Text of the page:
Think about consequences

Marc Fleury, founder of JBoss, used to have a strong opinion about Red Hat. And as a CEO blogger, he shared it with everybody in September 2004:

RH is a PACKAGER, not a technology house. How do they DARE call SUN on technology innovation. SUN by all measures has been a star in technology. SUN created more technology over the years than RH ever will, JAVA, NFS (open source) etc. RH is a packager, it doesn't create JACK, it doesn't create Linux, it wraps it up in proprietary shit. And no the contributions that they make don't really count. Linus Torvalds creates Linux.

But you won't find this on his blog anymore. Now that RedHat has bought JBoss, it's been removed, and Marc has now, along with $350 million, a brand new opinion on RH:

RedHat and JBoss share a joint culture of pure-play open source. While different, our cultures are both centered around the mission of changing the industry through the development, distribution and support of free and open source software.

Hopefully we can count on the Google cache, and the vigilance of a few bloggers like Patrick Chanezon, Dave Johnson or Angsuman Chakraborty. And after the blogosphere, the news has been picked up by The Register and CNet.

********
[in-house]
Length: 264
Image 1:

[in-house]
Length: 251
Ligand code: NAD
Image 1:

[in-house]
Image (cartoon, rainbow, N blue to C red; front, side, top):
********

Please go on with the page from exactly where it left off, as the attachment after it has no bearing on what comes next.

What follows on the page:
I've read several pieces from Marc Fleury, which I liked. Now I must admit that this episode leaves a bad taste about authenticity and transparency, which are values one should not toy with too casually, especially on a public blog. If you needed a proof why it's recommend to never delete a blog post, you have a great one. Bonus if you also needed a proof that the internet has some memory. And since the original reaction from Marc was about a blog war between RedHat and Sun, I can't resist to quote Sun's blogging policy with, I think, a quite relevant advice:

Think About Consequences
The worst thing that can happen is that a Sun sales pro is in a meeting with a hot prospect, and someone on the customer's side pulls out a print-out of your blog and says "This person at Sun says that product sucks."

In general, "XXX sucks" is not only risky but unsubtle. Saying "Netbeans needs to have an easier learning curve for the first-time user" is fine; saying "Visual Development Environments for Java sucks" is just amateurish.

Once again, it's all about judgment: using your weblog to trash or embarrass the company, our customers, or your co-workers, is not only dangerous but stupid.

Rewriting the above tip with selective replacements of certain words and brands with JBoss, RedHat, shit, wannabes and girly men is left as an exercize to the reader, and whoever needs to write RedHat's blogging policy.


One cannot help but feel that these kinds of restrictions, or self-censorship, lead to something other than a weblog. More akin to public relations, in that it's probably apolitical, painfully even handed and generally cloaked in management doublespeak. One can see a growing multitude of "blogs" from the corporate sector that follow this trend. There is such a thing as "fake authenticity", or cachet.

Obviously, there are a few exceptions, but they are that; exceptions. And that's a shame but so wonderfully predictable.

Nice and relevant to quote the Sun blogging policy: Tim knows what he's talking about!

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